Hi I need to give the syntax of a formula as a figure. How can I format it

Formula $\to$ PrimitiveFormula $\vert$ (Formula Connective Formula)
$\vert \neg$ Sentence $\vert$ Quantifier Variable Formula
Primitive Formula $\to$ Predicate(Term,\cdots ,Term)

Syntax as a figure

  • I figured that I could use a table . It seems much simpler than using spaces and indentation for the formula as a figure. – GermanShepherd Dec 18 '14 at 6:33
  • Did you mean to write table or tabular? Note that in LaTeX parlance, tables and figures are both "floating objects". Either one could be used, in principle, to house the formula. – Mico Dec 18 '14 at 6:40
  • I don't think having the alternative `` directly below the arrows is good formatting; they are "one nesting depth in". I'd indent them a bit more. – Raphael Dec 18 '14 at 17:08

This typesetting task seems to be handled most easily with a tabular environment. In the code below, I load the array package to set up separate formatting directives for columns 1 and 3 (automatic italics mode) and for column 2 (automatic math mode). Doing this makes it unnecessary to insert lots of $ symbols and \itshape directives in the body of the tabular environment.

The cfollowing example also uses an optional \fbox directive to visually offset the contents of the tabular environment from its surroundings.

enter image description here

\caption{A formula} \label{fig:formula}
\fbox{%  % framebox is optional
\begin{tabular}{ >{\itshape}r >{$}c<{$} >{\itshape}l }
Formula & \to & PrimitiveFormula\\
 & \vert & $($Formula Connective Formula$)$ \\
 & \vert & $\lnot$ Sentence \\
 & \vert & Quantifier Variable Formula \\[2ex]
PrimitiveFormula & \to & Predicate$($Term,\dots,Term$)$ \\[2ex]
Term & \to & Function$($Term,\dots,Term$)$ \\
 & \vert & Constant \\
 & \vert & Variable \\

A cross-reference to figure \ref{fig:formula}.

You can use align* for this.


\newcommand{\ent}[1]{\mathit{#1}} % `entity'


\caption{Recursive definition of a formula} \label{fig:formula}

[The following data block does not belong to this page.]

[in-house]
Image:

\ent{Formula} &\to \ent{PrimitiveFormula}\\
 & \alt (\ent{Formula} \mathbin{\ent{Connective}} \ent{Formula}) \\
 & \alt \lnot \ent{Sentence} \\
 & \alt \ent{Quantifier} \, \ent{Variable} \, \ent{Formula} \\[2ex]
\ent{PrimitiveFormula} & \to \ent{Predicate}(\ent{Term},\dots,\ent{Term}) \\[2ex]
\ent{Term} & \to \ent{Function}(\ent{Term},\dots,\ent{Term}) \\
 & \alt \ent{Constant} \\
 & \alt \ent{Variable}

A cross-reference to table \ref{fig:formula}.

enter image description here

Here's a different implementation, where alignment is not preserved, which in my opinion is better, because it underlines the independence of the various parts. Also the input syntax is easier.

The default value for the separator is the semicolon, but you can use any character that doesn't appear in the second mandatory argument (I used an instance in the first \syntax command just for giving an example, the semicolon would be as good).




\NewDocumentEnvironment{syntax}{ }
 { \use:c {align*} }
 { \use:c {endalign*} }

 { % #1 is the separator
   % #2 is the defined term
   % #3 is a #1 separated list of alternatives
  \syntax_format_syntax:nnn { #1 } { #2 } { #3 }

\seq_new:N \l__syntax_item_seq

\cs_new_protected:Npn \syntax_format_syntax:nnn #1 #2 #3
  & % for the align*
  \seq_set_split:Nnn \l__syntax_item_seq { #1 } { #3 }
  \begin{array}{@{} r @{} >{{}}c<{{}} @{} l @{} }
  #2 & \to & \seq_use:Nn \l__syntax_item_seq { \\ & \vert & }


\caption{Recursive definition of a formula} \label{fig:formula}

\syntaxitem[,]{\ent{Formula}} % use comma just by way of example
  (\ent{Formula} \mathbin{\ent{Connective}} \ent{Formula}),
  \lnot \ent{Sentence},
  \ent{Quantifier} \, \ent{Variable} \, \ent{Formula}

A cross-reference to table \ref{fig:formula}.


enter image description here


How to do this by \halign in plain TeX:

\input opmac

\halign{\hfil\it#\unskip\ &\hfil$#$\hfil&\ \it#\hfil\cr
  Formula &\to& Primitive Formula\cr
          &|&   (Formula Connective Formula)\cr
          &|&   $\neg$ Sentence\cr
          &|&   Quantifier Variable Formula\cr
  Primitive Formula &\to& Predicate(Term,\dots,Term)\cr
  Term    &\to& Function(Term,\dots,Term)\cr
          &|&   Constant\cr
          &|&   Variable\cr


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